The first topic, UNDERSTANDING SPERMATOGENESIS AS A PREREQUISITE FOR TREATMENT was written by Prof. AF Holstein, together with Prof. Schulze and Prof. Davidoff. The authors review the process of spermatogenesis and its various sub stages and clarify disturbances which occur very early and which cannot be assessed by standard semen analysis. The review describes the testicular system, its intricacies and interactions as seen from the aspect of sophisticated anatomic-functional studies. Prof. Adolf-Friedrich Holstein was until recently chairman of the Institute of Anatomy at the University Hospital Eppendorf in Hamburg. Anatomist by discipline, Prof. Holstein is probably still one of the leading andrological anatomists worldwide. Numerous textbooks written, co-authored and edited by him and a very large number of scientific publications are regarded by students and scholars as the basis for clinical and basic research.

In the second review, Prof. Schill and Prof. Henkel have concentrated on the bridge between classical andrology and assisted reproduction. In SPERM PREPARATION FOR TECHNIQUES OF ASSISTED REPRODUCTION the authors present a comprehensive update on the laboratory work and various in vitro treatment options of semen before ART. The resulting enhancement of success rates of ART emphasizes the importance of modern andrology. Prof. Wolf-Bernhard Schill is chairman of the department of dermatology and andrology at the Justus Liebig University in Giessen, Germany. He is one of the leading andrologists worldwide and has contributed tremendously to clinical and basic andrology. Among his many public offices, he is chairman of the German Andrological Society and editor-in-Chief of ANDROLOGIA, the oldest scientific journal of this discipline.

In his review on THE MANAGEMENT OF INFERTILITY ASSOCIATED WITH POLYCYSTIC OVARY SYNDRME, Prof. Homburg deals with the most common female infertility problem in the Western world, namely anovulation. He covers the standard treatment schemes, like clomiphene and FSH stimulation, discusses GnRH analogues and antagonists and insulin sensitizing agents, such as metformin. He critically discusses ovarian drilling and aromatase inhibitors. As end of the line he points to IVF/ET treatment and convinces the reader that the modern therapeutic armamentarium is capable for solving anovulatory problems in virtually every woman. Roy Homburg is chairman at the department of Reproductive Medicine at the Frije Universiteit in Amsterdam. Since many years, Dr. Homburg has concentrated his work on clinical and basic aspects of reproductive endocrinology. His extensive research on anovulation in general and the polycystic ovary in particular has made him a leading expert worldwide. There is hardly a symposium or scientific meeting dealing with the polycystic ovary where his research is not cited or presented.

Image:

Dr. Malinger and his co-authors have chosen to focus their review on a rather specific part of prenatal assessment, namely on FETAL INTRACRANIAL PATHOLOGIES FIRST DEMONSTRATED LATE IN PREGNANCY. They specifically review cell proliferation disorders. The understanding that the diagnosis of many pathologies of the fetal central nervous system depend on timing of evaluation and expertise and collaboration of representatives of different disciplines is a very important contribution to current practice. In a scholarly way the authors discuss the differential diagnosis of common fetal brain disorders, offer a stepwise diagnostic plan and present their multidisciplinary approach. Dr. Gustavo Malinger is director of the ultrasound unit at the department of Obstetrics and Gynecology at the Wolfson Medical Center in Israel. For many years, Dr. Malinger has been interested in fetal brain development and has gained worldwide acclamation as a leading authority in this field. Together with Dr. Lerman-Sagie, a highly regarded expert in fetal neurology and Dr. Lev, a leading geneticist, they have founded a prenatal diagnosis clinic, specializing in prenatal diagnosis. This clinic, one of its kind in Israel serves as a major referral center.

In the last chapter of this forum, Prof. Kupferminc reviews THROMBOPHILIA AND PREGNANCY. The fact that pregnancy is associated with hypercoagulability has been recognized for long. But only during recent years it has become clear that severe pregnancy complications, ranging from recurrent miscarriages through intrauterine growth retardation, placental abruption and stillbirth may be associated with thrombophilia. This understanding has caused considerable concern among clinicians and patients alike and has also led in many cases to superfluous diagnostic and therapeutic measures. Dr. Kupferminc presents a comprehensive review of this important topic and reviews the state of art in diagnosis and treatment of thrombophilia and pregnancy. Prof. Michael Kupferminc heads the most active feto-maternal unit in Israel at the Lis Maternity Hospital in Tel Aviv. His research in thrombophilia and pregnancy has set important milestones and he is acknowledged today as one of the most eminent experts in the field worldwide.

It has been a privilege and joy to be instrumental in compiling this forum and I am confident that the presented reviews will be helpful to many readers.

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Correspondence to Marek Glezerman.

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Glezerman, M. Fertility and pregnancy: Forum introduction and some thoughts on the role of electronic journals in the scientific information evolution. Reprod Biol Endocrinol 1, 106 (2003).